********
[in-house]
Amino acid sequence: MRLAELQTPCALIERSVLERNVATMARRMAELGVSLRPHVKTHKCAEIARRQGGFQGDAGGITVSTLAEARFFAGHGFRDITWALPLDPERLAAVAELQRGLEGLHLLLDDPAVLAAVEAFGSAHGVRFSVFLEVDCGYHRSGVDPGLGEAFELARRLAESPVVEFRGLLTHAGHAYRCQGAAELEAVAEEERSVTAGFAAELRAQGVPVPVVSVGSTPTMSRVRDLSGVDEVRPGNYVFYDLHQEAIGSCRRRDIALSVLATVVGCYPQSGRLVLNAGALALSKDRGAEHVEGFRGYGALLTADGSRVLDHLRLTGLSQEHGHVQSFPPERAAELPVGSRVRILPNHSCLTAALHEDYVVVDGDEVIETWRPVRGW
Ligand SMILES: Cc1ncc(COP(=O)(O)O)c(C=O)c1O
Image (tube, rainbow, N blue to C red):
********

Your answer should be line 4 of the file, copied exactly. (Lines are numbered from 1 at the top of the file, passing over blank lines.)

Image (tube, rainbow, N blue to C red):